Listening to this book is better than watching the Gladiator because it really happened. On top of that allows us to know some of what happened in the life of one of the persons who shaped our modern world.
Maybe Ceasar changed some facts to make himself appear more heroic to his peers but who wouldn't?
There is no history to match that of the man who was not only there but planned and lived this critical part of Roman history. It helps you understand the logistics of these wars if you have a map of Gaul and France but it is entertaining, even without, to follow this outstanding general, politician and writer as he shapes the world we now live in.
This is a great book you get a great view of Gauis Julius Caesar and his campaigns in Gaul and in the Civil War. Obviously this is written by and for Caesar so it is propaganda but it is still very informative and interesting.
I enjoyed the history and feelings revealed in the works. I disliked the obvious slant toward Caesar's vanity. History is written by the victors.
Yes, a book that explains exactly what was real and what was made up. Did Caesar really win or had the people been no real challenge?
Essential history reading.
"Classic of mispronunciation"
I bought this audiobook recently and am absolutely appalled at the mispronunciation of so much of the text by Charlton Griffin. I would be fascinated to know whether English is his first language or whether any audio proof reading was conducted on the recording. It is incoceivable that a professional reader could pronounce ordinary English words so badly.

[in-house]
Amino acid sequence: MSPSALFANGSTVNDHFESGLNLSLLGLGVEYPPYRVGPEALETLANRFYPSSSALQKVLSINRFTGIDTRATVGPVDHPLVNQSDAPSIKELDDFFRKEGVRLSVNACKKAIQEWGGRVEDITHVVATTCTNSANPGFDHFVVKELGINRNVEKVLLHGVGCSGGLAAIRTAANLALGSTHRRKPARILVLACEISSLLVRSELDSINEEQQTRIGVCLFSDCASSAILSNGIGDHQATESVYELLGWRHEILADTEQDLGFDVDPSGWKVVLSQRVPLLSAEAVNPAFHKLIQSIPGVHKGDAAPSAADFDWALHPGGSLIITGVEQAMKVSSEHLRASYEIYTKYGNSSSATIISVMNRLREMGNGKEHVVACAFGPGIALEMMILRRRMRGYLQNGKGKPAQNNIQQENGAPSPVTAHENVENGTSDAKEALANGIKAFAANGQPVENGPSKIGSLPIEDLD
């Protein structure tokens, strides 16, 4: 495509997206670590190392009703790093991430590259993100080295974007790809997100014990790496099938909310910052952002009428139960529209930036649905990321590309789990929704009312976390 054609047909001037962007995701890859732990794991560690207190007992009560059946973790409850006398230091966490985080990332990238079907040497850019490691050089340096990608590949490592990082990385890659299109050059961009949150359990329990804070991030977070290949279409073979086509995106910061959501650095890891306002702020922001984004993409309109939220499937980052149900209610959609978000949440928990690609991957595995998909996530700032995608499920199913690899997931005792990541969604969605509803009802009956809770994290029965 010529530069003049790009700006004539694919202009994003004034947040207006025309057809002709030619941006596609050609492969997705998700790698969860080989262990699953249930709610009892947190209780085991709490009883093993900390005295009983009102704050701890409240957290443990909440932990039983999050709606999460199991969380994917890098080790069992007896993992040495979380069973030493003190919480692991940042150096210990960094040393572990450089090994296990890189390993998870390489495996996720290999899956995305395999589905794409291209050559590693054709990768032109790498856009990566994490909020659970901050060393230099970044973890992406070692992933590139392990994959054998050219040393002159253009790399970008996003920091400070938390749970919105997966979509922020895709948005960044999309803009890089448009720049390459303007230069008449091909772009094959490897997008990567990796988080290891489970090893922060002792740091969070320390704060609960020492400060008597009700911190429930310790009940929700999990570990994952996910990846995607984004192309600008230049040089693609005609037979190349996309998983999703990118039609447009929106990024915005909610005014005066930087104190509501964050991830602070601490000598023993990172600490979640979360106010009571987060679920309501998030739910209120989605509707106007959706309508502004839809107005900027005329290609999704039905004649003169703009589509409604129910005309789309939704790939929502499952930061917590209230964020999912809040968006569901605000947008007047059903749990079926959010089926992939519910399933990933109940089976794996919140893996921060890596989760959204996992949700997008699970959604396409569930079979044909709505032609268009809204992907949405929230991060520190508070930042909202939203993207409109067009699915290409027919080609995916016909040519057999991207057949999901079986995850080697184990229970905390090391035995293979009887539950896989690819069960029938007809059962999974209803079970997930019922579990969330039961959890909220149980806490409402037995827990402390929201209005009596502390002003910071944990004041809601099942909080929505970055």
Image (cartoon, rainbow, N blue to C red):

Apart from the dreadful stressing of words like "forest" which is spokes as "four-est", there are glaring and disconcerting mistakes that leave the listener trying to make sense of the text.
Some examples are
"dogged pursuit" as in "dog-ed" is pronounced "dog'd"
"draught of men" as in "draft", pronounced "drout"
Americanism such as "missile" as in "miss'ile" pronounced "mizzle" and many more
"redoubt" pronounced "read-out"
Pronunciation of French place names in many cases are just not capable of understanding, such as the rivers "Aisne" which comes as "eye-ne" as opposed to "ayne" or "Saone" appearing as "sain" as opposed to "sa-own"
And dozens more of which perhaps the most amusing is the confusion of "route" and "rout", both pronounced "rout".
I wish I had not bought it and would advise readers to look for a better narrator.